High Expectations As Governor Udom Strategically Set For Projects Completion
Productivity, according to Paul Meyer “is never an accident. It is always the result of a commitment to excellence, intelligent planning, and focused effort.” This has been the kind of commitment that has dotted the lines of Gov. Emmanuel’s administration, especially in his avowed determination to see to the speedy completion of projects in the state.
Recently the Honourable Commissioner for Information and Strategy, Comrade Ini Ememobong in a chat with newsmen assured Akwa Ibom people of “Gov. Udom Emmanuel’s commitment to the timely completion of all the ongoing projects in the state.”
He equally explained that torrential rainfall has been one of the major setbacks suffered by construction companies handling various projects in the state, especially projects involving the movement of earth and soil excavation. However, he assured that once the rain begins to rescind, government would intensify pressure on the constructors handling the affected projects in order to actualize their timely completion.
This has been the expectation of Akwa Ibom people, and it’s their right to do so as there is no government without the people. It is the people’s right to ensure that their leaders serve them better, and this can be advocated in so many ways. However, criticism should be constructive.
When people criticise destructively, it appears as if the government is not doing anything, which is very far from the truth. There is a touch of the state government’s developmental strides in all sectors of the economy and in every Local Government Area of Akwa Ibom State.
It is important to understand that projects are funded with money, and as resources come in, those projects are pushed to the next phase and subsequently the completion phase. This is exactly what is going on.
People should jettison the idea of tagging projects abandoned when the government is still targeting the completion of such projects. There is no project under the present administration that has been discontinued, and so it is out of place for the word abandonment to come in. There’s an assurance from the Governor as amplified by the Honourable Commissioner for Information and Strategy that at the end of this administration, all projects initiated shall be completed. It shall indeed be a harvest of completed projects.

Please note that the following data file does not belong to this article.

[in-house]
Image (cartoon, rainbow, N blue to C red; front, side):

It is equally imperative to note that governance is not all about construction of roads. It includes security, payment of salary, education, agriculture, job creation, welfare, and many other activities that will culminate to the well-being of the people. And the state government is committed to ensuring that no sector is left behind in the massive developmental strides touring the state, even with the little resources at its disposal.
There’s no gainsaying the fact that the emergence of the coronavirus pandemic has affected in no small measure the speed with which the administration of Gov. Emmanuel started with in terms of infrastructural development and economic initiatives. From the Federal to the state government, budgets were reviewed downward as a result of the dwindling prices of crude oil which almost paralyzed global economy. But then, with his wealth of experience in financial matters, Gov. Emmanuel was able to keep the economy of the state afloat.
Now that the price of crude oil is gradually rising, there is no doubt whatsoever that the projects initiated by this administration will be completed and in time.
Gov. Emmanuel that we all know and can attest of, is not the type that would sleep and allow the state to be littered with abandoned projects. No, not while he is alive. He is a serious minded person who has always been successful in all his business endeavours, and so he is succeeding on all sides, even in governance.
With a steady rise in the price of crude oil and gradual exit of the rainy season, there’s greater hope that all ongoing projects and those that were temporary stopped as a result of lack of funds will receive a financial boost for their timely completion. It is a commitment that the governor wouldn’t joke with, and sooner than expected, we shall all witness a harvest of completed projects.
Written by: Rev Richard Peters